Biker Baby Modeled by Beau Schaffner

INSPIRATION: ICM team YOU WILL NEED: Jean or leather jacket, jean pants, fake tattoos, hair gel STEP 1: Cut and distress jean jacket as needed to get a “biker” feel. STEP 2: Apply fake tattoos — or if you’re an artist, draw on with nontoxic marker — in visible areas. Some fun tattoo ideas include a pacifier, mom with a heart, bottle and teddy bear. STEP 3: Using hair gel, style your baby’s hair to make it look more punk. STEP 4: Pair with blue jeans and stylish boots!



Modeled by Jaxin, Kailani and Elias Washington

INSPIRATION : Wine and Glue YOU WILL NEED: Black elastic, brown felt, overalls, scissors, silver felt, white felt, white/black/silver thread or hot glue gun, yellow knit or fleece cap, yellow T-shirt STEP 1: Cut a large circle out of the silver felt — about 4 inches in diameter. Then, cut a slightly smaller circle out of the white felt — about 3 inches in diameter. Finally, cut a much smaller circle out of the brown felt — about 1 inch in diameter. STEP 2: Cut out a small portion of the brown felt circle to create an almost Pac-Man-like shape.


STEP 3: Using your fabric glue, glue the brown felt shape in the center of the white felt circle, then glue the white felt circle in the center of the silver felt circle. This creates the minion eye. STEP 4: Using your fabric glue, glue the “eye” to the black elastic. You can also use thread to sew it to the elastic. STEP 5: Placing the cap on your child’s head, put the elastic around the center of the cap, then, if so desired, glue or sew into place. Otherwise, the elastic can simply be stretched around the cap, (but keep in mind it might move around if not secured). STEP 6: Pair the hat with a long-sleeved yellow T-shirt and the all-important overalls.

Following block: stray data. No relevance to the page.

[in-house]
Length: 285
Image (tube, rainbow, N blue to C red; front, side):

DON’T: DIY if you won’t have fun. The truth is that create-your-own costumes aren’t for everyone. The process can be frustrating and time-consuming — and, if you don’t know the right places to find supplies, expensive. If you don’t have the time or energy, there’s no shame in buying a costume. Just be aware that pre-made costumes are likely to be low-quality, Rathke warns, and prone to falling apart. You decide what matters the most to you. DO: Be flexible with your materials. Sometimes you won’t find exactly what you’re looking for at Maude Vintage or Goodwill. Katie Bahner Lammers, a pediatric physical therapist at Women’s and Children’s Hospital, designs her kids’ costumes every year, and she says part of the joy of DIY is seeing every object’s potential. She once transformed a brown women’s buttondown into a coat and hood for an Obi Wan Kenobi look. Even if something on the rack doesn’t match your vision, she explains, you can almost always alter it to make exactly what you want. DON’T: Take too much time. Lammers says she once spent 40 or more hours working on a single Power Rangers costume. You don’t want to spend your final hours before Halloween bent over your sewing machine. Piece out your project over several weeks, with each week focused on a separate element of the costume. And on Halloween night? Save time by putting kids in their PJs underneath their costumes. This is Rathke’s favorite tip: The efficient dressing means that, once the kids are home from trick-or-treating, you can save time by peeling off their costumes and putting them straight to bed.